They Fit an Interactive Museum in this Virginia Laboratory

A new education center in Virginia’s Prince William County includes a spacious laboratory with windows that let visitors watch technicians do their work.
They Fit an Interactive Museum in this Virginia Laboratory
All testing is done behind large glass windows so that visitors can observe.

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Working in a water and wastewater lab can be a lonely task. That isn’t the case in Virginia’s Prince William County, where a new education center gives visitors an up-close look at the laboratory and tells how the county gets and treats its water.

The Durward E. Grubbs Environmental Education Center, which opened in October 2015 at the H.L. Mooney Advanced Water Reclamation Facility, is roughly two-thirds lab space and one-third interactive museum. The aim is to show how water flows from the Potomac River to the tap and back again.

“The facility actually serves two purposes,” says Marlo Thomas-Watson, Prince William County Service Authority community relations manager. “We needed to upgrade our lab, and our governing board felt it was appropriate to have a wing of the facility devoted to public outreach. Allowing people to learn about what we do is important, especially when it comes to making decisions for infrastructure upgrades.”

The center is named for Durward E. Grubbs Jr., a founding member and former chairman of the authority’s board of directors and a champion of public education.

Watchful eyes

The reclamation facility processes roughly 24 mgd. Daily testing is performed in the Grubbs Center’s state-of-the-art, 6,200-square-foot laboratory. A team of 15 technicians constantly monitors chlorine, bacteria, coliform, total phosphorus, BOD and other parameters. In the event of a ruptured water main, the lab tests water from the affected site to ensure that it is safe to drink after the break is repaired.

Mary Eure, lab supervisor, says the new facility enables her staff to better serve the community. “More than 5,000 water-quality tests are performed in our new lab each month,” she says.

“It replaces our 1,000- square-foot lab, where our technicians worked in tight space and the volume of work often made it difficult.”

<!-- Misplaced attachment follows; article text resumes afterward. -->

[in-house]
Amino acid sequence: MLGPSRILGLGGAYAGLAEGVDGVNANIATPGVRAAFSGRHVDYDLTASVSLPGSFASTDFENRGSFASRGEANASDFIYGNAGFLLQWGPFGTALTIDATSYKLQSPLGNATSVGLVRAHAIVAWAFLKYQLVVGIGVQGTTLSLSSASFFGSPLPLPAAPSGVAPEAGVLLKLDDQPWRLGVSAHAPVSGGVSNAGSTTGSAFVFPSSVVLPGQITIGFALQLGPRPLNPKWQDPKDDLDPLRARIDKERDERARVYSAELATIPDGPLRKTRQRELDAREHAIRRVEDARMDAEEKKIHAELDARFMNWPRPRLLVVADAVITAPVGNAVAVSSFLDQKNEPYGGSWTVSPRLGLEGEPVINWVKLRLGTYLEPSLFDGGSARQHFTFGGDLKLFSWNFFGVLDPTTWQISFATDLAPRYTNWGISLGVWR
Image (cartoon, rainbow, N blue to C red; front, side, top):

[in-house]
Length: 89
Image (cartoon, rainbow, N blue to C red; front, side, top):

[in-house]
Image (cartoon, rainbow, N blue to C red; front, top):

Visitors to the Grubbs Center can watch lab technicians at work through large windows. While staff members had to adjust to working in front of an audience, they now appreciate the interest visitors take. Many have found ways to interact with visitors.

“It was a little odd having people watching us work at the beginning, but you get used to it pretty quick,” Eure says. “The people always have a lot of great questions, and many take a genuine interest in what we’re doing.”

The larger facility also enables the lab staff to offer commercial testing. Neighboring agencies, companies and homeowners with wells can have their water tested. “There’s no way we could have taken on that additional work in our old space,” says Eure. “The ability to add revenue and offer additional services has been terrific.”

Making a connection

Seeing science in action is only part of the experience. Interactive displays, light-up maps, backlit photographs, and life-size pipes show how water is withdrawn from the Potomac River, treated, sent to customers’ taps, treated as wastewater and returned to the river. A map on the wall shows the county’s drinking water sources. A large aquarium is home to fish native to the Potomac River and Chesapeake Bay.

“People tend to misunderstand how complicated the treatment process actually is from start to finish,” says Thomas-Watson. “People are in awe of what they learn.”

Exhibits also include a graph showing the gallons of water used daily and a history lesson on pipes, sewers and the wastewater process. A large ceiling display shows blown-up microbes that are key to the treatment process.

“People are taken aback to find out that the average shower uses 25 gallons of water,” says Thomas-Watson. “They are surprised to see how many steps we’ve taken in updating the purification process over the last century. We show them the wooden pipes that sewage used to run through before it was discharged, untreated, into the river. We’ve come a long way.”

The center’s halls are often filled with students. Teaching children and educators about how water comes to their homes is a priority of the center. Requests for reclamation facility tours have multiplied tenfold since the center opened. “We use a lot of state-of-the-art equipment in our treatment processes that people learn about in the educational center and want to learn more about,” says Thomas-Watson. “Being able to see the process in action is very valuable.”

Setting an example

The authority’s board of directors fully supported the education component of the Grubbs Center. The authority strives to be an open, high-performing utility, and that mission includes educating customers, according to spokesperson Kipp Hanley.

“Operating in the Chesapeake Bay Watershed means adhering to extremely high environmental standards, which we have accomplished with seven straight years of perfect compliance at our H.L. Mooney Advanced Water Reclamation Facility,” says Hanley. “Fish come right up to our plant outfall to take advantage of the clean, oxygenated waters that flow into Neabsco Creek.”

Hanley encourages all water and wastewater agencies to get their publics involved and informed. “We’ve found that an educated customer is typically a happy customer,” he says. “Once they realize the importance of what we’re doing and the role they can play in the process, they are more likely to support facility and technology upgrades that we undertake to ensure our customers are receiving clean water and world-class service.”



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